Whereas phospholipids mainly aggregate into two-dimensional aggregates, i.e., bilayers, other molecules aggregate into one dimensional aggregates, i.e., filaments or supramolecular polymers. Examples of proteins forming fibrous aggregates are actin, microtubules, and amyloids. Here we study such filament formation using two synthetic molecules, namely BTA's and OPV's. Both of these molecules can form one dimensional helical supramolecular polymers, where the helicity can be both left-handed and right-handed.

Achiral monomers will form aggregates of both helicities in equal amount, while chiral information in the monomers results in a preference for one helicity in the aggregates. We study both the thermodynamic equilibrium of these supramolecular polymerizations, for instance showing the important role of the monomer pool in chiral amplification, as well as the kinetics, where we for instance observed that not always the thermodynamically most stable aggregate is formed first.

Pathway complexity

A first example is the supramolecular polymerization of the S enantiomer of OPV. Two of such molecules can form a very stable dimer, which can be the building blocks of a supramolecular polymerization. In a very low concentration solution, these building blocks will be present as monomers. When the concentration is increased, these monomers start aggregating. Aggregates smaller than some critical size (the nucleus), are assumed to be still rather unstructured and as such less favorable than larger, nicely helical structured, aggregates. As a result this aggregation process is very cooperative, yielding long supramolecular polymers.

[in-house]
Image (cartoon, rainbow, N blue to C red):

The aggregation process can be modeled using the following scheme, where two types of aggregates (P and M) can be formed, representing the right-handed and left-handed helical aggregates respectively. In this model, new dimers can be formed from two monomers and existing supramolecular polymers can grow or shrink by successive monomer additions and removals, where the rate constants may differ between the two aggregate types and between before and after reaching the critical nucleus size (n).

The kinetics of this model can then be solved by integrating the set of differential equations describing these reactions. The excess of material in aggregates with one helical sense over the material in aggregates with the other helical sense can then for instance be compared with experimentally measured circular dichroism data of these systems. In this way the competition between different aggregation pathways could be unravelled [Nature 481, 492-496 (2012)].

Stochastic simulation